From 1921 to 1928, future president Hoover built the Commerce Department into one of the most influential forces in federal government. During this time, the United States became a major creditor to other nations, which in turn had a significant impact on power relations between nations. The Commerce Department also became a champion of American economic rights and independence from foreign commodities, and in the process became the guiding force in national economic policy.
Joseph Brandes is Emeritus Professor of History, William Paterson College of New Jersey.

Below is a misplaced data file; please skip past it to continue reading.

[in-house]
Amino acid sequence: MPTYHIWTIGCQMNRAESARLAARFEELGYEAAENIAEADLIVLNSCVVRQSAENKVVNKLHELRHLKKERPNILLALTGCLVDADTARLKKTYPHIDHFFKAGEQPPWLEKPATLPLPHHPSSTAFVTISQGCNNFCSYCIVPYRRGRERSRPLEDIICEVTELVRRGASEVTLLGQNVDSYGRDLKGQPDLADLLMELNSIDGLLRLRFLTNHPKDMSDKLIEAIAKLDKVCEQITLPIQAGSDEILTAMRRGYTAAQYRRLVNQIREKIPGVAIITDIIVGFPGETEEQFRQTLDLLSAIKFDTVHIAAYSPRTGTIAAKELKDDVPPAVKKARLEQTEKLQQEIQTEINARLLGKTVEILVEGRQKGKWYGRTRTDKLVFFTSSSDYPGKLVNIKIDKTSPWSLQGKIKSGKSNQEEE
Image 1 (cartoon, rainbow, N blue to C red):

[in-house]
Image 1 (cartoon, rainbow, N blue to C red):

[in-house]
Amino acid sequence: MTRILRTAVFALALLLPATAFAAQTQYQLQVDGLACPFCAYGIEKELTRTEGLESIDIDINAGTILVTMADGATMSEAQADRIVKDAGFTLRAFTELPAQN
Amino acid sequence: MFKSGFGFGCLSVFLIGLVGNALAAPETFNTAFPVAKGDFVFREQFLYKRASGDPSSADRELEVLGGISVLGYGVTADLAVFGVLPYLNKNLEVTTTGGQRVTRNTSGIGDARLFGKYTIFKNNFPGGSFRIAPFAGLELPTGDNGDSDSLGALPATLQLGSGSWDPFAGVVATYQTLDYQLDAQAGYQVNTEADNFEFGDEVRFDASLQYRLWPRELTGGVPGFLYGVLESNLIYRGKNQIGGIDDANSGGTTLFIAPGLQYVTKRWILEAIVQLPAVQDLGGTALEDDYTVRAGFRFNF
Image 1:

“A masterly and thorough survey of the period when Mr. Hoover headed the Department of Commerce. In a vital and succinct manner, [Brandes] has related the circumstances and recaptured the social, political, and economic climate surrounding important events-some of them not well known even at the time.”—Lewis L. Strauss, from the foreword